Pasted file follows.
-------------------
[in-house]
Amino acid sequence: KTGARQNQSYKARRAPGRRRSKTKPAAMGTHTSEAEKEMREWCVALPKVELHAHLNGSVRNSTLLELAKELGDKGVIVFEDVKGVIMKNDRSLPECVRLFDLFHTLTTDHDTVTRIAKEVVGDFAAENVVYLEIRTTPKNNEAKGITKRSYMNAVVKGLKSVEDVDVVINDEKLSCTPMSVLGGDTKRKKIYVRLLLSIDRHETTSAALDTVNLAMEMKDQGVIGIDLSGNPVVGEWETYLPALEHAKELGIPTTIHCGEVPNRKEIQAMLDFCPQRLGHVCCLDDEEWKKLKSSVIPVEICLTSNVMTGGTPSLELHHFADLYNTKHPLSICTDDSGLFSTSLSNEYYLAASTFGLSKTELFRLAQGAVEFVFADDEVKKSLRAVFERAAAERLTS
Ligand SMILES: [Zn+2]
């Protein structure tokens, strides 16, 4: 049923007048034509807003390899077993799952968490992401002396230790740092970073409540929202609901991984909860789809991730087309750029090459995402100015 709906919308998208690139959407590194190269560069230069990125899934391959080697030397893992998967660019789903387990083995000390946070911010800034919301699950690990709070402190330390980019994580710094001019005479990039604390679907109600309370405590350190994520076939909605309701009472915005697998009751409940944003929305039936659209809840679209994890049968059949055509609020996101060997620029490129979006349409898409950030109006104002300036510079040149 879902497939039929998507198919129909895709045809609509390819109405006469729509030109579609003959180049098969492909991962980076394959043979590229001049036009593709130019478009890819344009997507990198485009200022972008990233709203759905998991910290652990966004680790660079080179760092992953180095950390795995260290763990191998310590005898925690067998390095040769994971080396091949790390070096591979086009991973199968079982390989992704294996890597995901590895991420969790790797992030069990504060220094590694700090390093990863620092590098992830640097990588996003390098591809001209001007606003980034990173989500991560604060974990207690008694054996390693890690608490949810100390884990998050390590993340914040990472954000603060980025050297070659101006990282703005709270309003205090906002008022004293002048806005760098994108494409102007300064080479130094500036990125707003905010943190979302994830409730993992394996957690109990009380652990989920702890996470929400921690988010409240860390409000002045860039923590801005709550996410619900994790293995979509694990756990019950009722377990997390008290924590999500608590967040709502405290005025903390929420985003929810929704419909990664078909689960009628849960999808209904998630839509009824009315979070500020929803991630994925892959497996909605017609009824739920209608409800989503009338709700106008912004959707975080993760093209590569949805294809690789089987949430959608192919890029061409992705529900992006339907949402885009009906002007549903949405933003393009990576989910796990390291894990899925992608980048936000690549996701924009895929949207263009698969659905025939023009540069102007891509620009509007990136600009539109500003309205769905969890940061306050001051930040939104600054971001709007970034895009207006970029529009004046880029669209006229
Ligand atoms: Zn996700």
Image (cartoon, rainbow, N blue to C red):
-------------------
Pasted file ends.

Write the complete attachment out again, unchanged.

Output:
[in-house]
Amino acid sequence: KTGARQNQSYKARRAPGRRRSKTKPAAMGTHTSEAEKEMREWCVALPKVELHAHLNGSVRNSTLLELAKELGDKGVIVFEDVKGVIMKNDRSLPECVRLFDLFHTLTTDHDTVTRIAKEVVGDFAAENVVYLEIRTTPKNNEAKGITKRSYMNAVVKGLKSVEDVDVVINDEKLSCTPMSVLGGDTKRKKIYVRLLLSIDRHETTSAALDTVNLAMEMKDQGVIGIDLSGNPVVGEWETYLPALEHAKELGIPTTIHCGEVPNRKEIQAMLDFCPQRLGHVCCLDDEEWKKLKSSVIPVEICLTSNVMTGGTPSLELHHFADLYNTKHPLSICTDDSGLFSTSLSNEYYLAASTFGLSKTELFRLAQGAVEFVFADDEVKKSLRAVFERAAAERLTS
Ligand SMILES: [Zn+2]
């Protein structure tokens, strides 16, 4: 049923007048034509807003390899077993799952968490992401002396230790740092970073409540929202609901991984909860789809991730087309750029090459995402100015 709906919308998208690139959407590194190269560069230069990125899934391959080697030397893992998967660019789903387990083995000390946070911010800034919301699950690990709070402190330390980019994580710094001019005479990039604390679907109600309370405590350190994520076939909605309701009472915005697998009751409940944003929305039936659209809840679209994890049968059949055509609020996101060997620029490129979006349409898409950030109006104002300036510079040149 879902497939039929998507198919129909895709045809609509390819109405006469729509030109579609003959180049098969492909991962980076394959043979590229001049036009593709130019478009890819344009997507990198485009200022972008990233709203759905998991910290652990966004680790660079080179760092992953180095950390795995260290763990191998310590005898925690067998390095040769994971080396091949790390070096591979086009991973199968079982390989992704294996890597995901590895991420969790790797992030069990504060220094590694700090390093990863620092590098992830640097990588996003390098591809001209001007606003980034990173989500991560604060974990207690008694054996390693890690608490949810100390884990998050390590993340914040990472954000603060980025050297070659101006990282703005709270309003205090906002008022004293002048806005760098994108494409102007300064080479130094500036990125707003905010943190979302994830409730993992394996957690109990009380652990989920702890996470929400921690988010409240860390409000002045860039923590801005709550996410619900994790293995979509694990756990019950009722377990997390008290924590999500608590967040709502405290005025903390929420985003929810929704419909990664078909689960009628849960999808209904998630839509009824009315979070500020929803991630994925892959497996909605017609009824739920209608409800989503009338709700106008912004959707975080993760093209590569949805294809690789089987949430959608192919890029061409992705529900992006339907949402885009009906002007549903949405933003393009990576989910796990390291894990899925992608980048936000690549996701924009895929949207263009698969659905025939023009540069102007891509620009509007990136600009539109500003309205769905969890940061306050001051930040939104600054971001709007970034895009207006970029529009004046880029669209006229
Ligand atoms: Zn996700």
Image (cartoon, rainbow, N blue to C red):